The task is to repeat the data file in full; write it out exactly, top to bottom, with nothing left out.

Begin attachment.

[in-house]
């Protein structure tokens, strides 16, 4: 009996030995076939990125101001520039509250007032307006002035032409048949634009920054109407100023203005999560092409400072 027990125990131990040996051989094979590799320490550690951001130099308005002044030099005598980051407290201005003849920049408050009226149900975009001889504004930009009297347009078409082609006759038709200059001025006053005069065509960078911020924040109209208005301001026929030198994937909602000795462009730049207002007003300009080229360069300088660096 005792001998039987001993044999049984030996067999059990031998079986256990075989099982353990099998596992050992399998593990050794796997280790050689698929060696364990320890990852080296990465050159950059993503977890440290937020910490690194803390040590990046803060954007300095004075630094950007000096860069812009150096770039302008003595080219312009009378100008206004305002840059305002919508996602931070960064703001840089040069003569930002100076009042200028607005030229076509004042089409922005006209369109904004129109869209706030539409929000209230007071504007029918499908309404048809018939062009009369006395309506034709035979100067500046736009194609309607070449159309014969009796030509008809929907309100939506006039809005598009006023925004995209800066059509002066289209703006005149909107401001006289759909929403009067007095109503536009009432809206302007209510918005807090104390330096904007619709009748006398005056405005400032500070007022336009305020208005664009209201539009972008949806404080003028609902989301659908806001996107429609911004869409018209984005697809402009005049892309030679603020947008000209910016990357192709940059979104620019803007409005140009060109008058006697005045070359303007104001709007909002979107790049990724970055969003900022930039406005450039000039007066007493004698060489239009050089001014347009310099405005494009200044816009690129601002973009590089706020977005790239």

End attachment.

[in-house]
């Protein structure tokens, strides 16, 4: 009996030995076939990125101001520039509250007032307006002035032409048949634009920054109407100023203005999560092409400072 027990125990131990040996051989094979590799320490550690951001130099308005002044030099005598980051407290201005003849920049408050009226149900975009001889504004930009009297347009078409082609006759038709200059001025006053005069065509960078911020924040109209208005301001026929030198994937909602000795462009730049207002007003300009080229360069300088660096 005792001998039987001993044999049984030996067999059990031998079986256990075989099982353990099998596992050992399998593990050794796997280790050689698929060696364990320890990852080296990465050159950059993503977890440290937020910490690194803390040590990046803060954007300095004075630094950007000096860069812009150096770039302008003595080219312009009378100008206004305002840059305002919508996602931070960064703001840089040069003569930002100076009042200028607005030229076509004042089409922005006209369109904004129109869209706030539409929000209230007071504007029918499908309404048809018939062009009369006395309506034709035979100067500046736009194609309607070449159309014969009796030509008809929907309100939506006039809005598009006023925004995209800066059509002066289209703006005149909107401001006289759909929403009067007095109503536009009432809206302007209510918005807090104390330096904007619709009748006398005056405005400032500070007022336009305020208005664009209201539009972008949806404080003028609902989301659908806001996107429609911004869409018209984005697809402009005049892309030679603020947008000209910016990357192709940059979104620019803007409005140009060109008058006697005045070359303007104001709007909002979107790049990724970055969003900022930039406005450039000039007066007493004698060489239009050089001014347009310099405005494009200044816009690129601002973009590089706020977005790239």